• Vary "Mack" Huyler - Guildford County, NC (maybe) - born 1903, SC
  • John and Ida Huyler/Hyler - Lexington or Richland Coounty, SC - born 1861 and 1863, SC

     But after hours of searching, I'm still in the same position I was in this morning: census-less. I've seen a lot of silly errors in Ancestry.com's 1940 Census records and I'm hoping that that's my problem. Hopefully when FamilySearch releases these states I'll be able to find my ancestors. 

Finding DNA Cousins with AncestryDNA

     I first explored the features available on AncestryDNA (reviewed here) and then started looking for matches.  Really getting into the system and exploring my matches expanded my "wish list" of features.

     Of my top 19 "Fourth Cousin" matches, there are no obvious connections.  I then clicked through the "Distant" matches on the first three pages of my results and quickly found three matches! I found two matches that had Shared Ancestor Hint, both of which seem to be correct.  Here's a screenshot of one of them:

     You'll note that we have a common ancestor. As in one person, not one couple. I don't know why the system would decide to only pick one person when both members of the couple match across both trees.  If both members of the couple show up in both trees (aka: no step-families), both members of the couple should be recommended as the common ancestors. The match does get you where you need to go though, so it's enough for now.

     You can click on any of the names of these ancestors to see how they appear in each family tree. Clicking on the common ancestor takes you to your own tree. This is helpful, but I would prefer to see a side by side comparison of this ancestor as shown in both family trees.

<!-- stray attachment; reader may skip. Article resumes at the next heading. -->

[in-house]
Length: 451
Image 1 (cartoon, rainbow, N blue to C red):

A great feature is the relationship label. For each person in the tree, aside from yourself, there is a relationship given. So I know that the match is my 5th cousin, 1x removed and that our common ancestors are my 5x Great Grandparents. This is a feature not available on ftDNA nor 23andMe.

     As I mentioned before, there isn't really anywhere else to go from here. You can send a message to your match and converse with them, but all the work is done for you. It's a bit anticlimactic actually, as I'm used to there being more features available on other DNA websites. Some features I would like to see here include:

  • Chromosome/Segment viewer
  • Ability to see matches in common with other matches
  • Ability to add notes
  • Ability to agree/disagree with Shared Ancestor Hint or mark a match that is not suggested

     I also found a match with a user that did not have a Shared Ancestor Hint. As you can see from my notes in the image below, my Daniel Rich is the son of their Stephen Rich. However, I did not have Stephen listed in my tree. However my ancestor, Daniel, is listed in their tree. I wonder: Can the site only find connection on direct line ancestors? It did not connect my ancestor to their collateral line relative.  

     When I went back a few days later to review the matches I'd found, I found one other obvious feature that is missing: search.  There is no way to do a search (member name, surname) for a match. I've been marking my found member connection by "starring" them and keeping a list of matches on Thoughtboxes. If I don't do something like this, it will be very difficult to find a single matches out of 1000+.

     I still haven't fully explored the mapping features, which I think look promising. I'll talk about those soon.


Related Posts with Thumbnails